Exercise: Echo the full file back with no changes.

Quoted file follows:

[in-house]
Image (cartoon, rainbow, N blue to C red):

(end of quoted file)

[in-house]
Image (cartoon, rainbow, N blue to C red):